but a pilot
who's perhaps used to a heavy pitch airplane like the 182
may need a
head's up that this plane is NOT like that.
What about the elevator trim
heard it's fast?
Again, here's one with a very complicated answer. Yes,
The RV-10's standard elevator trim works pretty well much of
With most RV-10's
you'll probably have full pitch trim authority on the elevator
amount of elevator required. (i.e. you can trim off all stick
for any phase of flight) During the
landing or low-speed phase, I'd say that the trim system is
right". It's basically perfect, and won't get you in
During high-speed flight though, say anything over about
and you've got an awful lot of speed to the elevator
that I see it as a safety issue. Once
you hit 140kts IAS, you're looking at some very big
consequences if you
accidently hold the trim switch too long. As it happened
during my fly-off, I had a binder on my lap that depressed the
gave nose-up trim. Within 1 second of trim application,
airplane will pitch up very sharply and will need a LOT of
to overcome the trim. It is FAST, very fast, and I've measured
into the 2+ G's that will happen if you hold the trim for a
second. That's why in my plane I
do have a switch on the panel that will disable the trim
the co-pilot stick, when I want to take passengers like kids
There's just too much speed to the trim, and I don't
want to only
have 1 second to react to a sudden change.
Herein steps the aftermarket mod companies. Recently, I
found one that I really like, the "Safety-Trim"
system that I'll describe in a couple paragraphs. There
another one that I considered for
a while that uses pulse modulation to control the trim
motor speed. This I thoguht was pretty good. What
though, is to bring
the trim speed down to 50% for the first 1/2 second of
During the next 1/2 second, it begins to ramp up and at
of a total of 1 second of trim application, you'll be applying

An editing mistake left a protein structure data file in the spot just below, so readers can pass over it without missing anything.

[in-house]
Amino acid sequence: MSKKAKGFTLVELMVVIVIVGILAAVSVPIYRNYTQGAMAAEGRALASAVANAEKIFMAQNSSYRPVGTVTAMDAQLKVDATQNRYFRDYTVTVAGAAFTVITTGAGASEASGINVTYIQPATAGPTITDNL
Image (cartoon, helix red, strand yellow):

full-speed trim. My first impression was that this would
After thinking about it for a while though, I decided
install it. The problem is, during the landing phase, I
like the trim speed to be 100%, ALL THE TIME. I really
fast trim setting when under 120kts, and I don't want to wait
second before I get full speed trim. In addition, it
override switch in the panel, in case it's microprocessor runs
you. Yes, it runs a real microsprocessor, and because
there is a
"program" running, the makers require a disconnect switch on
panel. That doesn't give me warm fuzzies. Then the last
that in the example of the notebook binder laying on the
switch, sure, now it wouldn't run away so fast, but still
second of something pushing that switch, you're going to be
moving out of trim and out of control. An additional negative
turned out to be the use of pulse modulation in the design.
over with a design engineer, he warned that one of the catches
control would be that you're inducing a noisy pulsing power
your electrical system that you really don't need.
Another system is out there uses an airspeed switch to control
system. This seems much nicer in that now you have 2
and they change based on your airspeed. Much more
appropriate. The catch is, airspeed sensing switches can
pretty touchy and you have to buy one for the range that you
switch at, and hopefully it'll stay set to that speed setting.
need to be careful when a system changes trim speed by just
the voltage to the trim
motor. This means that the motor can stall out on
That's why the pulse-modulation at first glance seemed to be a
to reduce the speed...but the noise negates that benefit. A
adjusted voltage setting works well on the RV-10 though for
So what did I do? I installed the "Safety-Trim"
system, finally, at 285 hours of flight time. It looks to be